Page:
Dig a bit deeper into the Index's design, and you'll see that Valve paid extra attention to comfort. The microfiber cushioning around the eyepiece and headband are much more breathable than the simple foam we saw on the Vive. And there's a helpful eye relief dial that lets you adjust how far the lenses are from your eyes or glasses. You won't find any headphones on the Index. Those large saucers on the sides of the headset are actually near-field speakers, which deliver immersive sound without touching you. So sure, they won't seal off external noise, but they'll let you stay in VR longer since there's zero ear fatigue.
The Index also marks the debut of Valve's finger tracking "Knuckles" controllers. While the company first announced them way back in 2016, they've only been available to select developers until now. It's easy to see why Valve waited a bit: they look and feel nothing like the Vive and Oculus Rift's. You don't just grab the Index's controllers: you have to slip your fingers under a micro-fiber strap, which secures them to your hands. You tighten them by pulling a small elastic band at the bottom, while a nearby button releases the grip.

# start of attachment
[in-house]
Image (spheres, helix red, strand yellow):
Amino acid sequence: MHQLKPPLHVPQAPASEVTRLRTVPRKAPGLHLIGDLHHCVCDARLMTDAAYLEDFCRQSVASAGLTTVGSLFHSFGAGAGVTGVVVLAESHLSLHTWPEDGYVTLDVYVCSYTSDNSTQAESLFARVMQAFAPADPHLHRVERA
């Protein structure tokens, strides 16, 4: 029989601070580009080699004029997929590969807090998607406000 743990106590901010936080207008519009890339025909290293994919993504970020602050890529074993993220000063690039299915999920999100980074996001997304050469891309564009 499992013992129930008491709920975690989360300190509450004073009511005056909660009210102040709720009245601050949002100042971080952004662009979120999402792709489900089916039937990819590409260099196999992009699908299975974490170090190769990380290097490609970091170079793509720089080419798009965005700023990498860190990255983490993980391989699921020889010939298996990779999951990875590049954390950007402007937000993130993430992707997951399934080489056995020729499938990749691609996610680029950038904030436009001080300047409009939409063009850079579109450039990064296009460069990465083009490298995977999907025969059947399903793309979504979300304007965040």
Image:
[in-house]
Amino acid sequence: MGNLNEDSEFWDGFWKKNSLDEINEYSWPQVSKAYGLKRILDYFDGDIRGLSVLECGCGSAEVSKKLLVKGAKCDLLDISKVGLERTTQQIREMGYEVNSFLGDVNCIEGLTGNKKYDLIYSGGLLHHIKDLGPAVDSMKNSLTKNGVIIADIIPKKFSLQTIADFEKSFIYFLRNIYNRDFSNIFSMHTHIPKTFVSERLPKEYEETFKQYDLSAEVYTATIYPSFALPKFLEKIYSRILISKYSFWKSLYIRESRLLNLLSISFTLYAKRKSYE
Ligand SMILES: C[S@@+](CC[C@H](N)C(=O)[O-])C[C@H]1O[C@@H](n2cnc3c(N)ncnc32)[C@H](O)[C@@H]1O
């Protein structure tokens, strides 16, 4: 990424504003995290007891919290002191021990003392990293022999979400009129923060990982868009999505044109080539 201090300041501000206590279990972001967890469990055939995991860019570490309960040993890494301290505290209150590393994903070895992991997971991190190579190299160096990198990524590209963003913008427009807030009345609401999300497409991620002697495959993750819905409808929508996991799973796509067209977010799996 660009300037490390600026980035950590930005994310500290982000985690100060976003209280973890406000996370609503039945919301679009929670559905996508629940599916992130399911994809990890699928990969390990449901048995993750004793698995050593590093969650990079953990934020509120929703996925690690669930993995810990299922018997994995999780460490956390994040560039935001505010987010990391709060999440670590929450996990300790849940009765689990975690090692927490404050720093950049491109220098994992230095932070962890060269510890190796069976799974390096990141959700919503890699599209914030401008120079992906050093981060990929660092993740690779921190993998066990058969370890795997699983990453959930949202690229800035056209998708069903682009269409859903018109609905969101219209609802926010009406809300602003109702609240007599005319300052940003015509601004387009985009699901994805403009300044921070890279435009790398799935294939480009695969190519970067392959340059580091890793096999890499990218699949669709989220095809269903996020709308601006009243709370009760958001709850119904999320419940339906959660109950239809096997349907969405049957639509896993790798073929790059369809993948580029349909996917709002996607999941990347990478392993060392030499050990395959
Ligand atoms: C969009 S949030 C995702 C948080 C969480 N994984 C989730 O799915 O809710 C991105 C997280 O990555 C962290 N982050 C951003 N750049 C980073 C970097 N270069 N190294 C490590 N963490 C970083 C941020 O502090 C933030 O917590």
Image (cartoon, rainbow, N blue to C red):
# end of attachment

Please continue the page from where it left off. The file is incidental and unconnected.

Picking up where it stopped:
Once you have them strapped on, the Index's remotes rely on 87 sensors to track every bit of your finger movement. At best, other VR remotes could only tell if your thumb was up or down, they relied on grip buttons to open and close your hands. But the Index lets you naturally make any sort of hand gesture, like waving at an NPC, or pointing at a specific object. But of course, they also feature traditional VR controls: a joystick, face buttons, trackpad and trigger. The Index's controllers work best for gamer optimized for finger tracking, but they're also backwards compatible with earlier VR titles.
I won't go too deeply into the Index's setup process yet, since Valve promises plenty of improvements ahead of its June 28th release. But I won't lie, it's a bit disappointing to deal with installing room sensors when other modern desktop VR headsets, like the Rift S and Windows Mixed Reality offerings, all have theirs built-in. My review unit came with two Index base stations, which offer better range and a larger field of view than the original Vive's. The Index is also an easy upgrade over the Vive Pro, since it's compatible with that headset's base stations.